Frances Hodgson Burnett believed in recycling. In 1887 her story, Sara Crewe or What Happened at Miss Minchin’s, began to be serialized in St. Nicholas Magazine, and it was later published as a novella. In 1902 she expanded the story, added new characters and subplots, and turned it into a successful play called A Little Un-fairy Princess. Then in 1905 Mrs. Burnett reworked her play into a novel entitled A Little Princess: Being the Whole Story of Sara Crewe Now Being Told for the First Time. I won’t try to count up the number of movies that have been based on the novel, which is better known by the shortened name of A Little Princess.
I first read Sara Crewe as a child, and later rediscovered it in one of my St. Nicholas anthologies. A few years ago I read A Little Princess but, since I loved the original shorter version, I thought the new characters and scenes just cluttered up the story. This post will be about the novella.
The story’s heroine, Sara Crewe, had been born in India, and her mother died when she was a baby. When Sara was eight years old her papa realized the hot climate was making her delicate, so he brought her to England, left her at Miss Minchin’s Select Seminary For Young Ladies, and then he returned to India.
For three years Sara was a show pupil, with dresses made from silk and velvet, and Miss Minchin treated her as a favorite student. But then word came that all of Captain Crewe’s money had been lost when a friend had made poor investments, and soon after that Sara’s papa died of jungle fever.
This was bad news for Miss Minchin, who not only lost the money Captain Crewe was paying her, but was stuck with a poor orphan. Young grieving Sara was informed she would be put to work, and in a few years she would begin teaching French to the younger students.
Sara was moved out of her pretty bedroom and up to an unheated attic room filled with cast-off furniture. And she became the household drudge – ordered out on errands in all types of weather, fed on scraps of leftover food, and sent into the deserted schoolroom at night to learn her lessons without being taught.
She had a vivid imagination and loved to pretend. When Miss Minchin insulted her Sara would pretend she was a princess in rags, and she’d stand with a proud bearing, imagining she had more power than the stupid person before her.
When she was out running errands Sara would pass houses and imagine what the neighbors were like. There was the Maiden Lady, the Large Family (so named because there were so many children), but most interesting of all was the Indian Gentleman, who was said to have lived in India, was rich, but in poor health. The Indian Gentleman had an native servant Sara named the Lascar.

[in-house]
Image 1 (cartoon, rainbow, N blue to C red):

She remembered a little Hindustani, and once when the Lascar was standing by his master’s carriage she spoke to him in his native language, which delighted the servant. After that Sara spoke to the Lascar whenever he was outside, and he “greeted her with salaams of the most profound description.”
When Sara was cold and hungry she would “suppose” there was a fire in her rusty attic fireplace grate, a table filled with good hot food, and warm blankets on her bed. Sometimes she supposed so much that she seemed to get confused about what was real and what was supposing.
Once Sara was sent out on a miserable rainy day. Her ragged, outgrown clothes were soaked, and she’d gone without dinner, so she was supposing she would be passing a baker’s shop, find a sixpence coin, and go inside and buy six hot buns. She then looked down at the pavement, saw a four-penny piece, and looked up to see she really was right in front of a baker’s shop.
Just as Sara was about to go inside she saw a dirty urchin dressed in rags, with bare muddy feet, and when Sara asked her when she’d last eaten the girl couldn’t remember how many days ago it had been. Since Sara was so used to supposing she wondered what a princess would do if she came upon a starving beggar.
She stepped into the shop and the friendly baker-lady took pity on poor draggled Sara and gave her six hot buns, even though she only had money to buy four. Then she went outside and gave five of her hot buns to the starving girl, keeping only one to eat herself.
Sara returned to Miss Minchin’s where she was scolded for taking so long to complete her errands. It was past meal time, and she was given only stale bread and water. She trudged up three flights of stairs with her meager food, knowing she was too tired to pretend anything pleasant.
She opened her attic room door and thought she’d lost her senses. There was a glowing fire in the grate, a kettle of boiling water on the hod, a table filled with covered dishes, new blankets on the bed, and a warm robe to wear. For a moment Sara was afraid to move, in case this new type of supposing would disappear. Then she realized the fire, the food, and the warm robe were real, and she had the most wonderful evening.
After that she found warm food and pretty treasures in her room each evening. But how could that be, when she was a poor orphan, with no one to care about her?
I love the story of Sara Crewe, which takes up less than thirty pages in my St. Nicholas anthology, and can be easily read in one evening. If you’d like to read the adventures of imaginative Sara, the neighbors, the beggar girl, and the baker, you can download the novella free of charge at: http://www.gutenberg.org/ebooks/137